tw.set_ylabel("Cummulative deaths")
    state_reps.set_title("Deaths per state stratified by sex"), top_state_females, label="Females"), top_state_males, label="Males", bottom=top_state_females), top_state_unk, label="Unknown",
                   bottom=top_state_females.values + top_state_males.values)

We start by creating a figure with 2x2 subplots. The subplots function returns, along with the figure object, four axes objects that we can use to create our charts. Note that the legend is positioned in the pie chart, we have used a twin axis on the time distance plot, and we have a way to compute stacked bars on the death per state chart. Here is the result:

Figure 2.6 – Four combined charts summarizing the vaccine data

Figure 2.6 – Four combined charts summarizing the vaccine data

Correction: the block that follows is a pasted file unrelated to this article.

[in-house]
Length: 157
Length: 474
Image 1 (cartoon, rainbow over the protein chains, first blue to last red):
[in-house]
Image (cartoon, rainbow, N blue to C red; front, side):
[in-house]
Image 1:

There’s more...

Matplotlib has two interfaces you can use – an older interface, designed to be similar to MATLAB, and a more powerful object-oriented (OO) interface. Try as much as possible to avoid mixing the two. Using the OO interface is probably more future-proof. The MATLAB-like interface is below the matplotlib.pyplot module. To make things confusing, the entry points for the OO interface are in that module – that is, matplotlib.pyplot.figure and matplotlib.pyplot.subplots.

See also

The following is some extra information that may be useful:

  • The documentation for Matplolib is really, really good. For example, there’s a gallery of visual samples with links to the code for generating each sample. This can be found at The API documentation is generally very complete.
  • Another way to improve the looks of Matplotlib charts is to use the Seaborn library. Seaborn’s main purpose is to add statistical visualization artifacts, but as a side effect, when imported, it changes the defaults of Matplotlib to something more palatable. We will be using Seaborn throughout this book; check out the plots provided in the next chapter.